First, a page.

I clenched my teeth and kept my head high, my chest out like the roosters my Italian neighbor kept in his yard. I grabbed the handle of the my daughter’s stretcher and helped the medics walk it to my neighbors cornfield where the yellow medevac chopper sat idling.  It was winter,  which hit the Dolomites early that season, and the corn had long been harvested, the stalks crushed down as ground cover.  She looked like she was asleep, uncomplicated.  She was walking to the bus stop with my wife, and she bolted into the street, eager to tell her classmates about the trip we had taken the day before, about Martin Luther King whom we celebrated in observance, and to talk to the bus monitor about horses.  A car happened to intersect her path.  The driver was not drunk or speeding, it was just raw physics.

I spent a lot of time the next few weeks in silence, as we alternated between spending hours at the hospital, eating vending machine food, drinking vending machine coffee (which was actually VERY good), arguing with doctors through a language barrier, caring for the 6 month old who was not in the hospital, sleeping 3-4 hours on Hostel mattresses, and being strong.

Being physically there.

Being spiritually and mentally present.

Being unshakeable.

Being dad.

Being resilient.

Lindsay has always been an intentional homemaker, pursuing the profession of Motherhood, but it was time for me to nurture and make decisions, so she could melt.  It wasn’t easy for me, but it was right, so I kept on, I stayed positive, and I tried to make the very best of the shitty hand of cards I’d been dealt.

I believe many supernatural things occurred during the aftermath of our accident, and my ability to keep it together came from a spiritual source.  I know this because, prior to this incident, I wasn’t made of that kind of cloth.

I didn’t have grit. I wasn’t tough. My ego was fragile and I didn’t fight for what I wanted.  I let life, and the jerks that put themselves in my way, push me around.

My mom died 6 years ago yesterday.  I was called out of a deployment to Baghdad by the Red Cross to go help my family.  As she passed, I assumed a leadership role in my family.  I was an adult now.  I penned mom’s obituary and signed the DNR.  I went to all the mortuary appointments and helped with floral arrangements and food.  It was my turn to be strong.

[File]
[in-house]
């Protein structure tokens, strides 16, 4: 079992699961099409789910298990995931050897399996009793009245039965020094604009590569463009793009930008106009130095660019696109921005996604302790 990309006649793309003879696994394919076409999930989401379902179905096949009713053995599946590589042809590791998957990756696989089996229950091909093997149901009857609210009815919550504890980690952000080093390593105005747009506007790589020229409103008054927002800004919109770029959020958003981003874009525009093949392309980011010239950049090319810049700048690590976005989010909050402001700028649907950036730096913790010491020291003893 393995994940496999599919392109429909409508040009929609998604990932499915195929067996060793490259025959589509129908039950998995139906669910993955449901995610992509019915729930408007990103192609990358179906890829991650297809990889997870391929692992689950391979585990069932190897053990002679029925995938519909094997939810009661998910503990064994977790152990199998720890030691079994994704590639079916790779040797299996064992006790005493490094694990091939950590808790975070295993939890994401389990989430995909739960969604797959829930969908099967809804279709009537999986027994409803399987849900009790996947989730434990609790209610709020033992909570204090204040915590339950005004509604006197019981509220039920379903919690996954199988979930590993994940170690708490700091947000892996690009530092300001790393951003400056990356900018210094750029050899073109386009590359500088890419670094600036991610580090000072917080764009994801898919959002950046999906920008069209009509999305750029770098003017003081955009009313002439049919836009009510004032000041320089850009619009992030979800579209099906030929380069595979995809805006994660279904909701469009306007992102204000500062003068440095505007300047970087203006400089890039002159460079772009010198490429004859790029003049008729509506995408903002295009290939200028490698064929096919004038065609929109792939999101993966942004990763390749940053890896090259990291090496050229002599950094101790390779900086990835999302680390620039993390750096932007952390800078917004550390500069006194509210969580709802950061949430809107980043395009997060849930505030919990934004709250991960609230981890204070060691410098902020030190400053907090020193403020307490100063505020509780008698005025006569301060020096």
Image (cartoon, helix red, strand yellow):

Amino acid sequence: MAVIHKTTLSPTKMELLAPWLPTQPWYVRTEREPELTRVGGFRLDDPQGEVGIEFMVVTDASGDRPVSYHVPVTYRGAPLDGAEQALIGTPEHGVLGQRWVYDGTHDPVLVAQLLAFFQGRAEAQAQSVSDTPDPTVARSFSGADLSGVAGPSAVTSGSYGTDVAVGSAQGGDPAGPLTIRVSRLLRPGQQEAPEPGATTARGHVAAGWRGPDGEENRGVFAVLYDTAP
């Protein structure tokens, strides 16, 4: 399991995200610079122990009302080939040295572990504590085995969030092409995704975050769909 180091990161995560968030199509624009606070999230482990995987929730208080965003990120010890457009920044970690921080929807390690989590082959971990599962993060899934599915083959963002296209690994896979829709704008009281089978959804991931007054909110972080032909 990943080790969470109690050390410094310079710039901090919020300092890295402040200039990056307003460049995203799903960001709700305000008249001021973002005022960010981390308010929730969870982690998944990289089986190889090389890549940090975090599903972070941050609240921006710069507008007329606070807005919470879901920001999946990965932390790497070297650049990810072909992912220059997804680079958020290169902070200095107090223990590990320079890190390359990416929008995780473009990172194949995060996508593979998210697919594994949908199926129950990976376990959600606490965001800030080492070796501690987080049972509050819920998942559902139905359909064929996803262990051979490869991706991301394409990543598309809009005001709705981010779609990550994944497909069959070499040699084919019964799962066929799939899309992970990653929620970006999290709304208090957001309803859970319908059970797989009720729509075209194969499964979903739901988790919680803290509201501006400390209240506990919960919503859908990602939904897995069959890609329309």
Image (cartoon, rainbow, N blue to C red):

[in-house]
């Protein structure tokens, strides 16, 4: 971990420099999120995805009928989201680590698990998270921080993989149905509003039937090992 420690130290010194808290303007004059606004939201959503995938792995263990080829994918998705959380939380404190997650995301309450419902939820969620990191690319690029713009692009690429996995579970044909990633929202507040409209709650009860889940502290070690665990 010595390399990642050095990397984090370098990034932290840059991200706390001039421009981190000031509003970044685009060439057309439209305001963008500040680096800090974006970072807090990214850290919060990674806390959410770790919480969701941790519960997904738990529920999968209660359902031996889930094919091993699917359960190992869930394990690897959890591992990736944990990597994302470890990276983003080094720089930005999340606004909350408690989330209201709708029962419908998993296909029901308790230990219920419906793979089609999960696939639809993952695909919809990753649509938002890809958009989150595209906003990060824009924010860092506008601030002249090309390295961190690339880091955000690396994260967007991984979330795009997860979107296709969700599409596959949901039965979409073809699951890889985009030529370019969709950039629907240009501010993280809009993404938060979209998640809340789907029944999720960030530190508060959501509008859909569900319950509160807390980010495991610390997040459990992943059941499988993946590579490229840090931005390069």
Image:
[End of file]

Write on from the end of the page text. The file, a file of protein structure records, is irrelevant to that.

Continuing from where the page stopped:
It’s been almost 5 years since all that happened, and Selah is doing very well. However, we’re a few months in to our 3rd child’s manifestation of epilepsy, and it’s tough. Again, we’ve been spending too much time in hospitals,  and we have more questions than answers.  We’re in over our heads.  I must say, though, that weathering the storm with Selah has given me a lot of tools I’ve employed in this current journey.

I’ve been living too much in my head lately, and that’s not always good.  I’ve been missing sleep, work, workouts, church, jiu itsu,I haven’t blogged, I haven’t done anything social or fun simply for the sake of it, and sometimes I feel downright selfish for taking a shower.

But the weird thing is, I’m okay with it.  It sucks, and I do have moments of despair, but it’s not going to break me. My child having epilepsy doesn’t make her stop being my child, and thus, my responsibility.  I will do anything it takes for my baby.  In fact, it pains me that I can’t go on a quest, and slay a beast and just be done with all this.

But I accept that having challenges doesn’t make me weak, but gives me an opportunity to develop and exhibit stength.  Awful things are going to happen, and when you are tested, what comes out is what is inside.

“A glass can only spill what it contains”.

Have you had to be resilient?


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